US 4625104 A
The present invention applies to a circular scanning optical pattern tracer of the non-steering type. The scanner includes the normal circular scanning mirror and sensor and in addition a further circular scanning mirror and sensor to produce a scan of greater diameter than the normal scan. The signal from the second scan is used to indicate rapid changes of direction of the pattern by gating the produced signal through a gate produced from the normal scan.
1. A circular scanning, non-steering optical pattern follower including a synchronously driven rotating mirror carrier, a first mirror mounted to one side of the axis of rotation of said carrier and with its surface at a small angle with reference to a plane perpendicular to said axis, a second mirror mounted to one side of the axis of rotation at a distance from the axis greater than that of said first mirror and with its surface at a small, but greater, angle with reference to said plane perpendicular to said axis than said first mirror, an illuminated pattern bearing surface, a first photo-sensitive device to receive light reflected from said pattern-bearing surface onto said first mirror, a second photo-sensitive device to receive light reflected from said pattern-bearing surface onto said second mirror, means to derive electrical signals from said first and second photo-sensitive devices and means to utilize said electrical signals to control the movement of said pattern follower.
2. A pattern follower as claimed in claim 1 including a field stop to prevent light reflected from said first mirror from reaching said second photo-sensitive device.
3. A pattern follower as claimed in claim 1 wherein the optical path of said follower is arranged to prevent light from said second mirror reaching said first photo-sensitive device.
4. A pattern follower as claimed in claims 1, 2 or 3 including a light source and means to project the light from said source along the said axis of rotation onto the pattern-bearing surface.
5. A pattern follower as claimed in claim 1 including means to determine the relative time of occurrence of the electrical signals derived from said first and second photocells and means to control the tracer in accordance with variations in said time of occurrence.
6. A pattern follower as claimed in claim 1 wherein said mirrors are both displaced from the axis in the same angular direction and including means to control the tracing velocity of said tracer in accordance with the degree of coincidence of the electrical signals derived from said first and second photo-sensitive devices.
Considering first FIG. 1, there shown a pair of mirrors 10 and 11 mounted in a carrier 12 on a shaft 13 which in turn is driven by a motor (not shown). Associated with mirror 10 is a photocell 14 and associated with mirror 11 is a photocell 15. The light rays from point P1 on the pattern converge through lens 16 and mirror 10 onto photocell 14 while the rays from point P2 on the pattern converge through lens 16 and mirror 11 onto photocell 15. A field stop 17, which is simply a circular opaque surface, is mounted between photocells 14 and 15 and blocks the rays from the short lead mirror 10 from photocell 15. The diameter of lens 16 or its aperture is such as to prevent light from point P1 falling on the long lead mirror 11.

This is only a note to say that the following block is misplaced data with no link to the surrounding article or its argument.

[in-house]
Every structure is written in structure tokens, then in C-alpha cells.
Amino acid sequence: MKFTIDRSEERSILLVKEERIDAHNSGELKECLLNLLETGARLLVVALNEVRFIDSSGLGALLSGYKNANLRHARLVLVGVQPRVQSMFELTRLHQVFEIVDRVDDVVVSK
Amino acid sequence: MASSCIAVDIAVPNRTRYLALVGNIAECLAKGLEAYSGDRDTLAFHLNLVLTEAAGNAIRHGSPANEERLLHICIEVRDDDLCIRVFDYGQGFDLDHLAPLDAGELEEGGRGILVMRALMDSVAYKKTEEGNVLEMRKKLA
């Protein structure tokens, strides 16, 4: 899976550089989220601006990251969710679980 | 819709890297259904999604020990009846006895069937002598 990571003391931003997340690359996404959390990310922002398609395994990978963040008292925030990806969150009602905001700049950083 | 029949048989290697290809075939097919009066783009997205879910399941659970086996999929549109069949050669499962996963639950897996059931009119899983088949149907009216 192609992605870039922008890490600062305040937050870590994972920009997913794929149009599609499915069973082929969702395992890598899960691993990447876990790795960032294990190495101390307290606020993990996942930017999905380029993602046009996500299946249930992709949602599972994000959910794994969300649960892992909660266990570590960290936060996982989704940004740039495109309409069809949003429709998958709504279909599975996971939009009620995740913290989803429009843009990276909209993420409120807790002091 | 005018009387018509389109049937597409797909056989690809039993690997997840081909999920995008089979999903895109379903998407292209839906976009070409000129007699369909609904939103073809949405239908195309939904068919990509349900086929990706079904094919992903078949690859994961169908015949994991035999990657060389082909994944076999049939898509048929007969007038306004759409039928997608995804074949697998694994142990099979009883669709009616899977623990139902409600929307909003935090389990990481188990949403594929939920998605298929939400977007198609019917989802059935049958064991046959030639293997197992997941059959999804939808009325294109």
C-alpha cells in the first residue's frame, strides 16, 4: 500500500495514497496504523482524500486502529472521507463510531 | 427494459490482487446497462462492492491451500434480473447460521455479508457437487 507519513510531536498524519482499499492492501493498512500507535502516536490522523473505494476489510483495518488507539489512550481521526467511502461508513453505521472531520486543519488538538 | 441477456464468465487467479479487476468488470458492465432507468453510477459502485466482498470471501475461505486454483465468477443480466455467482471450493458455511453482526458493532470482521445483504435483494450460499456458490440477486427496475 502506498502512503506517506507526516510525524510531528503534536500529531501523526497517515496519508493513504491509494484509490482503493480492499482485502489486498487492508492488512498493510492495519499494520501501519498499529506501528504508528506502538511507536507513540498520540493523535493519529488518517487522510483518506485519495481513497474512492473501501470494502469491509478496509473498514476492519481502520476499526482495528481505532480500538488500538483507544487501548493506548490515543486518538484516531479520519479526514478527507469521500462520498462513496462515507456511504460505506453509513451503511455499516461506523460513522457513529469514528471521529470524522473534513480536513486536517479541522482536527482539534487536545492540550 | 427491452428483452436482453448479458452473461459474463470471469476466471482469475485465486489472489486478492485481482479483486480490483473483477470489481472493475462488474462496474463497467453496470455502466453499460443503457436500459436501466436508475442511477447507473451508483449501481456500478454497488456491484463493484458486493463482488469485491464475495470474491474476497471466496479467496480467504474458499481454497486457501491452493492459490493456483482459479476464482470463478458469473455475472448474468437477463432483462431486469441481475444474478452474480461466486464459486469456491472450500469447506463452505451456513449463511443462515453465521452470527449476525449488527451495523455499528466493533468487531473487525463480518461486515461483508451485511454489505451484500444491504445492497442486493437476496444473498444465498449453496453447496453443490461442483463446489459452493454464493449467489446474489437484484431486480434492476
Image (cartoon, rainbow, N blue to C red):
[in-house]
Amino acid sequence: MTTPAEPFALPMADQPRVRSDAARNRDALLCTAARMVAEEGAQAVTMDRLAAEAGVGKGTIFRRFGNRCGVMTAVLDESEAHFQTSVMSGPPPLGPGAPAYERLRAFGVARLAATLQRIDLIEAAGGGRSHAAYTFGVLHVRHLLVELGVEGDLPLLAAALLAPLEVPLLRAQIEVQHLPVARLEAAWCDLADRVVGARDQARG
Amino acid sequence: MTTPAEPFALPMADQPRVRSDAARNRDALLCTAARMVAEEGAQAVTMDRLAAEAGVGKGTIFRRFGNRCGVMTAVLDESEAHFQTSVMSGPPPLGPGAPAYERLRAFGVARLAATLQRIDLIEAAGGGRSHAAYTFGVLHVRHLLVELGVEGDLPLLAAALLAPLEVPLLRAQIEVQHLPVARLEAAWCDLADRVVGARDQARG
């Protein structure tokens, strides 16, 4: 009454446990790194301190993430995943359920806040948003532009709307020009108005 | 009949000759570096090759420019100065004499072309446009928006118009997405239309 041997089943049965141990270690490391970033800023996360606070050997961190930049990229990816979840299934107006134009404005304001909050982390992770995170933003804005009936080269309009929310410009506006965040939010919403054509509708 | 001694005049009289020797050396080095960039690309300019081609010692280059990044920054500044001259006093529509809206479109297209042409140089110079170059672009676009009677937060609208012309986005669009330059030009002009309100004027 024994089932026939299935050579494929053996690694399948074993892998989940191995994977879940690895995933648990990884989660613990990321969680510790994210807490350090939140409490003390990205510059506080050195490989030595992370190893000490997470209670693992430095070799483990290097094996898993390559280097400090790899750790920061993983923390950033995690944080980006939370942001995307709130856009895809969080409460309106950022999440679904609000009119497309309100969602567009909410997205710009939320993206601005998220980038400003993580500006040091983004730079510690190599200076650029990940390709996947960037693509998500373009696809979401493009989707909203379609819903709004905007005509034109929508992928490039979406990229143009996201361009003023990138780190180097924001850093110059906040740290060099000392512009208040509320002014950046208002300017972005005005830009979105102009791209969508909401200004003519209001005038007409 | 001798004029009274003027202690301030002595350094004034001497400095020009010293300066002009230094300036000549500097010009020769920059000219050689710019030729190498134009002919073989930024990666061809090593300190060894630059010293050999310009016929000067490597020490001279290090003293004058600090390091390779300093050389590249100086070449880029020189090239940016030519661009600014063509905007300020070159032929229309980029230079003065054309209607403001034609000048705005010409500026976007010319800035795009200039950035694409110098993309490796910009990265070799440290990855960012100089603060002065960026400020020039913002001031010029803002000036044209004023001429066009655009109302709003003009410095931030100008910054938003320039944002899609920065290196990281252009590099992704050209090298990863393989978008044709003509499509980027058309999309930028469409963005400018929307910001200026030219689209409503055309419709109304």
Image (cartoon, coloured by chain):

Turning now to FIG. 2 there is shown a schematic diagram of the electronic circuit associated with the scanner. The output from photocell 14 is applied to a FET 18 and then to amplifier 19. The output from amplifier 19 is applied to the accuracy delay circuit 20, from the accuracy delay circuit 20 to the inhibit pulse generator 21. The output from the inhibit pulse generator 21 is applied to the accuracy delay circuit 20. The output from this delay circuit 20 is also applied to the sample pulse generator 22 which shapes the output into a 50 microsecond sample pulse which is used for direction control of the pattern tracer in a well-known manner described in the foregoing U.S. patents. The output from the sample pulse generator 22 is also supplied to two further pulse generators 23 and 24. Outputs from these pulse generators are applied to AND circuit 25 which produces a pulse in the presence of pulses from both generators 23 and 24.
Simultaneously, output from photo sensor 15 is also applied to a FET 26 and the output from this FET is also applied to amplifier 27 in a manner identical with the sensing and amplification of the signal from photo sensor 14. The output signal from amplifier 27 is applied to a shaping circuit 28 which produces a 50 microsecond pulse commencing with the starting point of any signal from photo sensor 15. The output pulse from shaper 28 and AND circuits 25 are applied to AND circuit 29. Output from AND circuit 29 is applied to pulse former circuit 30 which produces a slow-down signal when no output is received from AND circuit 29. This slow-down signal appears on terminal 31 and may be used to control the velocity of the tracer in a manner well-known in the art.